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Cook: Return of Lemieux a cause to celebrate

Sunday, July 06, 2003

They staged parades and shot off fireworks all across the region Friday to celebrate Mario Lemieux's decision to play at least one more season with the Penguins.

Well, they should have done it in Lemieux's honor.

We needed a happy sports story in the worst way. The Penguins are fighting for their very survival. The Pirates are losers again. Pitt is facing an uncertain future in the horribly diluted Big East. One of the biggest holidays of the year -- the start of Steelers training camp -- still is several days away. We needed something to get our minds off of the gloom and doom. Lemieux gave it to us when word leaked last week that he's going to play again. The formal announcement could come later this week.

If that isn't a reason for parades and fireworks, what is?

The news came as a wonderful surprise. Anyone who watched Lemieux during and after the final home game last season would have bet a million bucks it was his last game. It wasn't just the way he did his part for the memorabilia business after the game, signing souvenir stick after souvenir stick. It was the way he basked in the love from the adoring Mellon Arena crowd. It had every appearance of being the final farewell.

Who could blame Lemieux if it was? Last season couldn't have been any fun for him, especially after Alexei Kovalev was traded. There he was, still one of the greats of hockey, suddenly left to be the proprietor of a daycare center. That's the best description of the Penguins' locker room. So many young players. So many mistakes. So many losses. The Penguins didn't just miss the playoffs for the second consecutive year. They probably won't make it again next season.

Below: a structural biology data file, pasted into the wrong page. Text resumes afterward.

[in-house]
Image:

"I'm not sure I want to be part of a rebuilding process," Lemieux said after that final home game.

Hey, you'd be leaning toward retirement, too.

But maybe the past three months rejuvenated Lemieux. Maybe the time off made him realize he still has a passion for hockey. Maybe he decided his new rookie coach, Eddie Olcyzk, is going to need all of the help he can get. Maybe he even began to think the Penguins really might not be so bad next season with all of those young players a year older, a year wiser and a year better.

Or maybe not.

It's more likely Lemieux realized he has to play to sell tickets. He has to play to create a little excitement for the Penguins, to keep them in the public spotlight, to give them their best chance at getting that new arena they need to make it here for the long haul. At the very least, he has to play to protect his interests should that arena deal go south and he has to sell the franchise. If he thinks there's even the slightest chance he'll want to play for another team for big money in the future, he has to play for the Penguins next season.

But, really, who cares about Lemieux's motivation?

What matters is that he's going to play again.

That can't be a bad thing for Lemieux. We're not talking about Willie Mays or Johnny Unitas at the end of the line here. Lemieux isn't just hanging on. He probably would have won another scoring title last season with even a marginally better supporting cast. There's no way he will embarrass himself on the ice.

Getting Lemieux back can't be bad for the Penguins. The talk of his intimidating the team's younger players and thwarting their development is ridiculous. If some players are intimidated by him, they should be cut immediately. You wouldn't want them on your team in Game 7 of a Stanley Cup playoff series, anyway.

And another season of Lemieux certainly can't be bad for those of us who love hockey and fear for its future in Pittsburgh. We're going to get to watch the greatest athlete this city has ever known a little while longer.

We probably shouldn't hold out for the Pirates winning the World Series or Pitt joining the Big Ten.

This is the best sports story we're going to get.

At least until Super Bowl XXXVIII, of course.


Ron Cook can be reached at rcook@post-gazette.com or 412-263-1525.

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